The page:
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Creating a Micro Frontend App with Angular Module Federation

Posted on:August 29, 2022 at 03:00 AM

This post was inspired by Briebug’s post

I’ve been listening much about the micro frontend concept lately. A lot of companies are adopting this solution as a way to make the apps smaller and easier to deploy.

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But, what’s micro frontend?

According to the micro-frontends website:

The idea behind Micro Frontends is to think about a website or web app as a composition of features which are owned by independent teams. Each team has a distinct area of business or mission it cares about and specialises in. A team is cross functional and develops its features end-to-end, from database to user interface.

That’s cool! With a micro frontend, we can split an application into smaller pieces that focus on solving a specific problem. It’s perfect for companies that need to work with dedicated squads at specific parts of the product, like a cart or checkout module, for instance.

This approach allows the squads to work with individual deploys and different stacks, without worrying about other projects that compose the entire solution.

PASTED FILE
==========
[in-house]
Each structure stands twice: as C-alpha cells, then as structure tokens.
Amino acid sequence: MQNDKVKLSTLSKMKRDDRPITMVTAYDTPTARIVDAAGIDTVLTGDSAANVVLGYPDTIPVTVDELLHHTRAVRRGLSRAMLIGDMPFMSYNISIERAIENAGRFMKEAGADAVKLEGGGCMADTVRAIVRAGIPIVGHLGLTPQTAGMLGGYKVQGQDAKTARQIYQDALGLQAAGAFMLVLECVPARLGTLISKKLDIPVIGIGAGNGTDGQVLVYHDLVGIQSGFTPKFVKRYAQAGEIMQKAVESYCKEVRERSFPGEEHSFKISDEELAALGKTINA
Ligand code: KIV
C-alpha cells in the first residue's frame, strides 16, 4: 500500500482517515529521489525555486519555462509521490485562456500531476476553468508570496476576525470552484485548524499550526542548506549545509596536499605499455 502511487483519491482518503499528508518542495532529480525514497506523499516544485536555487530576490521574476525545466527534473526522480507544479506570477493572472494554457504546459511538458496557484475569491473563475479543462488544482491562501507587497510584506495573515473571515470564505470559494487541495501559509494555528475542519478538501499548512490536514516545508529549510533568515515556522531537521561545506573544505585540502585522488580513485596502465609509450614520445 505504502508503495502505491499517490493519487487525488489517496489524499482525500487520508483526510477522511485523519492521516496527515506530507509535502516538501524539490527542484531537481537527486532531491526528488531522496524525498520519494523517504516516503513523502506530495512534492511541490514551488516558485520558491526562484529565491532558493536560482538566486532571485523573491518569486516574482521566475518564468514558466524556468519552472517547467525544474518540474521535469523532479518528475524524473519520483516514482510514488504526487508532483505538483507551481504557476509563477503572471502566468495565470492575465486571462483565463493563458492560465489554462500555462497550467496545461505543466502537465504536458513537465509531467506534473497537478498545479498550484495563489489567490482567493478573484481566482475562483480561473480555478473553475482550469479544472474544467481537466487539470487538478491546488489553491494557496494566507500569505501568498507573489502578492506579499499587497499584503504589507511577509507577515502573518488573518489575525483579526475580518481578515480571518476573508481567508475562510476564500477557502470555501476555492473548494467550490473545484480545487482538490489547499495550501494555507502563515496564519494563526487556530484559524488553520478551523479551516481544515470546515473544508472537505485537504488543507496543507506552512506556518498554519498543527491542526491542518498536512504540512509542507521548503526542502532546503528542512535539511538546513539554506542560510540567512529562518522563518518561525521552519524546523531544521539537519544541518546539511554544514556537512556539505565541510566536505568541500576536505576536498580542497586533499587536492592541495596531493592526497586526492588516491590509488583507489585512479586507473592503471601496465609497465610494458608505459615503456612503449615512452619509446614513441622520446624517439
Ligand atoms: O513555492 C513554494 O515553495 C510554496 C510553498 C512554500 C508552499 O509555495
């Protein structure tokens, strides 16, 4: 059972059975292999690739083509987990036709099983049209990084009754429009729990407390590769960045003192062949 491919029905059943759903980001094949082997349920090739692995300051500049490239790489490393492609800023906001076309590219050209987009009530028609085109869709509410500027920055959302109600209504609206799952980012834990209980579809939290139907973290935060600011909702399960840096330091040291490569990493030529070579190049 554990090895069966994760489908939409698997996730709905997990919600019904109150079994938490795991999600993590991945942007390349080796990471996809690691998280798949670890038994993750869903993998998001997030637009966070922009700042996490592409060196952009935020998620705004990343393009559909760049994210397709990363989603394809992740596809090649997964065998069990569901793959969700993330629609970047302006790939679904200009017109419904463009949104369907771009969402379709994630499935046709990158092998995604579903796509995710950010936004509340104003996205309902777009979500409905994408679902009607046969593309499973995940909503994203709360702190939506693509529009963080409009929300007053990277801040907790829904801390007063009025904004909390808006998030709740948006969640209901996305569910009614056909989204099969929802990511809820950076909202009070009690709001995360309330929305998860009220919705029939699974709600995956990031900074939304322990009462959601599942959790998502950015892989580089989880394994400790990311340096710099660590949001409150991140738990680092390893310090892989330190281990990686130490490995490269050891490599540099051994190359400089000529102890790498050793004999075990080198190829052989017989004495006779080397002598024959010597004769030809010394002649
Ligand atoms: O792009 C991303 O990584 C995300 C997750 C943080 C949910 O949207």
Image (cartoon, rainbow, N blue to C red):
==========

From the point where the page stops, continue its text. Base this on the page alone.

What do we need to create a micro frontend app?

To compose a micro frontend app, we’ll just need to have two kinds of applications:


It’s an application that will load the remote applications. We can have only one host app. This app can be called a shell as well.


It’s an application that’ll be loaded by the host application. We can have several of these apps. Generally, remote apps are small pieces of an application. Relevant modules that need some more attention and care.

Nice! And what do we’re going to do?

In this post, we’re going to do a micro frontend application using the amazing Angular Module Federation module and Nx to create and manage the project’s workspace.

If you’ve never heard about Module Federation, check out this post .

Let’s create the project then

On the terminal, just type the command below and generate an Angular application.

npx create-nx-workspace@latest

On the “application name” question, set the host as a name. That’ll be the host application.

After that, you should have one app called host inside the project’s workspace.

Now, let’s create a new app called remote.

nx generate @nrwl/angular:application remote --port=5001

If everything worked fine, you’ll have a new app inside the workspace.

All good?

Perfect! In the next steps, we’re going to transform these two apps into an amazing micro frontend solution.

Setting the Angular Module Federation

It’s time to add the Angular Module Federation to our project.

Let’s type the following command on the terminal:

nx generate @nrwl/angular:setup-mf host --mf-type=host --routing

The following changes have been made inside the host app:

module.exports = {
  name: "host",
  remotes: ["remote"],

The host app has become a shell app now - which means this app will be able to load remote apps.

Good, let’s transform the remote app into a micro frontend app as well.